plans and I sent that to five European shipyards the Italians and the Fins were
too busy with other projects we went to HDW the German yard they said it was far
too big for them to consider and that left Harland and Wolff
in Belfast and the French they put very similar bids in and Chantiers was owned by the Alstom Group and Alstom was big enough to be able to finance the project without
government subsidy okay so that’s how it happened and as I say they did a
fantastic job. CF:The other thing I was interested in is the engine sort of layout on the Queen
Mary 2, she’s got a combination of diesel electric and also the gas
turbines, how did you come up with that arrangement? SP: Well originally the first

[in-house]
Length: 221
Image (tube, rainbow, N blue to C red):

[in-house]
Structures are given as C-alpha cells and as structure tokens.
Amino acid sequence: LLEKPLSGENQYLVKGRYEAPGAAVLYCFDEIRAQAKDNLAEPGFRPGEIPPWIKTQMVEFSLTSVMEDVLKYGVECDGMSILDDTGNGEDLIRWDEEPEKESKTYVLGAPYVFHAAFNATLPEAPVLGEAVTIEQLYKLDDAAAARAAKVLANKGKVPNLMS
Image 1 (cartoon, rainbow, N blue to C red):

design was to have two diesel engine rooms okay and I was very keen to have
split-up takes like the Normandie hmm to create that long Vista from the dining room right the way through and to have two engine rooms with split casings would have been
having four trunks going through basically we would have lost a lot of
space throughout the ship so the French said to us we’ve recently
built the Millennium Class that had two diesel engines of one gas turbine so I
don’t we fit two diesel engines and two gas turbines and they said Queen Mary
2 the way it’s been designed is got sufficient stability that we can put the
gas turbines up by the funnel. CF: Okay. SP: Though that meant that we didn’t need
another big trunk going through the ship so we didn’t lose space so that’s
how that came about and at the time we built the ship, the ship was designed to do
the 26 and a half knots service speed with four diesels and one turbine out